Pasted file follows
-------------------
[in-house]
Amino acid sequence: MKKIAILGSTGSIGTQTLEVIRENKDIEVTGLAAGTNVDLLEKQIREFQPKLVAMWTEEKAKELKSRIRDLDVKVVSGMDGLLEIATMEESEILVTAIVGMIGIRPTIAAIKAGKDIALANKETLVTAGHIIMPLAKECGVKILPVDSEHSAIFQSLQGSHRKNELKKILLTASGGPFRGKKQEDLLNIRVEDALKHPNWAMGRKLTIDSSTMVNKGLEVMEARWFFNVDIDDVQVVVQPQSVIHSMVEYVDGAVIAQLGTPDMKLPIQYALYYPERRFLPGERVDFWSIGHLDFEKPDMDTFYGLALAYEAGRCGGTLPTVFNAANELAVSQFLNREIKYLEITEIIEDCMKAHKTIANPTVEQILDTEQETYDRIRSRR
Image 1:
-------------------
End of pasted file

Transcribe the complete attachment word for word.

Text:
[in-house]
Amino acid sequence: MKKIAILGSTGSIGTQTLEVIRENKDIEVTGLAAGTNVDLLEKQIREFQPKLVAMWTEEKAKELKSRIRDLDVKVVSGMDGLLEIATMEESEILVTAIVGMIGIRPTIAAIKAGKDIALANKETLVTAGHIIMPLAKECGVKILPVDSEHSAIFQSLQGSHRKNELKKILLTASGGPFRGKKQEDLLNIRVEDALKHPNWAMGRKLTIDSSTMVNKGLEVMEARWFFNVDIDDVQVVVQPQSVIHSMVEYVDGAVIAQLGTPDMKLPIQYALYYPERRFLPGERVDFWSIGHLDFEKPDMDTFYGLALAYEAGRCGGTLPTVFNAANELAVSQFLNREIKYLEITEIIEDCMKAHKTIANPTVEQILDTEQETYDRIRSRR
Image 1: